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The Weight-Loss Cure "They" Don't Want You To Know About  
Author Kevin Trudeau
Language English
Subject(s) weight loss
Genre(s) self help
Publisher Alliance Publishing
Publication date 1 April 2007
Pages 256
ISBN 978-0-9787851-0-9
OCLC Number 122341864
Dewey Decimal 613.25 22
LC Classification RM222.2 .T78 2007

The Weight Loss Cure "They" Don't Want You to Know About is a weight loss book written by controversial author Kevin Trudeau. It was released in April 2007 by Alliance Publishing.[1] Trudeau is a convicted felon[2] with no certified medical training[3] and he has been fined by the FTC for making fraudulent claims pertaining to the book. The controversial book describes a plan to change activity in the hypothalamus gland, linked to the pituitary gland, with the intention to control hunger and regulation of fat cells, by using herbal supplements and repeated use of the hCG hormone.

The book follows up his two other bestselling but critically panned books, Natural Cures "They" Don't Want You to Know About and More Natural Cures Revealed: Previously Censored Brand Name Products That Cure Disease. Weight Loss Cure has appeared on the bestseller's lists of the Wall Street Journal, USA Today, Publishers Weekly, and the The New York Times.

Contents

Legal issues

The FTC has filed a contempt of court action against Trudeau and the companies that market his book alleging that Trudeau is in contempt of a 2004 court order by "deceptively claiming in his infomercials that the book being advertised establishes a weight-loss protocol that is "easy" to follow. The action was filed in the U.S. District Court for the Northern District of Illinois on September 17, 2007.[4] According to a FTC Press Release, Trudeau claims that the weight loss plan outlined in the book is easy, can be done at home, and readers can eat anything they want. When consumers buy the book, they find it describes a complex plan that requires intense dieting, daily injections of a prescribed drug that is not easily obtainable, and lifelong dietary restrictions.[5]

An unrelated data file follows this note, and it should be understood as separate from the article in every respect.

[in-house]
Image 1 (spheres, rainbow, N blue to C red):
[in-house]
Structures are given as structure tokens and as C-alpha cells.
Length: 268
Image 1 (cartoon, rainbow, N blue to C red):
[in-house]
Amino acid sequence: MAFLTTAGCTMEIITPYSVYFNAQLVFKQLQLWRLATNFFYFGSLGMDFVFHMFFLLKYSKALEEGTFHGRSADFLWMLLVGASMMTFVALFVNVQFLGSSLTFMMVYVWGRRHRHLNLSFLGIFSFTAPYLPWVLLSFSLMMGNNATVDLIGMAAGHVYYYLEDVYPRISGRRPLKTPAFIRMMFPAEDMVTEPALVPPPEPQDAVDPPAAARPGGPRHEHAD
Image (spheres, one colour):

On November 16, 2007, Trudeau was found in contempt of the 2004 court order for making "patently false" claims in his weight loss book. U.S. District Court Judge Robert W. Gettleman ruled that Trudeau “clearly misrepresents in his advertisements the difficulty of the diet described in his book, and by doing so, he has misled thousands of consumers.” A penalty will be determined at a later hearing.[6][7][8] In October 2008, Trudeau was fined more than $5 million and banned from infomercials for three years for continuing to make fraudulent claims pertaining to the book.[9]

Complaints about Trudeau's weight loss system and business practices can be found at the Consumer Affairs website. In summary, the complaints tend to refer to a problem of unsubscribing from the website and its monthly fees as well as the inability to follow the protocol, detailed by Trudeau, in the United States due to product availability and legal reasons.

Book diet plan

The book's diet has been compared to a diet plan by British endocrinologist A.T.W. Simeons in the 1950s. The book describes a multi-month, 3-phase plan [10] that involves changing to all organic foods,[10] [11] with repeated colonic cleansing and liver cleansing,[10][11] followed by a 2nd-phase period of daily use of human chorionic gonadotropin (hCG),[10] typically injections, under the direction of a healthcare provider or doctor.[10] The use of hCG has been found for men to increase testosterone linked to muscle growth, [12] for burning fat; however, in some clinical studies with women,[12] testosterone levels did not rise, leaving the possibility that hCG would be in a diet plan for men only,[12] and taking hCG could be inappropriate for women. For men, hCG can have some potential side-effects, including: gynecomastia (growing female breasts), water retention, increase in sex drive, mood alterations, headaches, and high blood pressure. These side effects are known to those who have taken hCG in much larger quantities (5000iu at one time)than what is being recommended in this diet plan (200iu at the most). [13] Due to such side effects, others warn to limit hCG to 3-week periods (with 4-week breaks) and recommend professional guidance from a physician.[13] Also, herbs, such as tongkat ali ("longjack"), might be used rather than risk hCG.[13]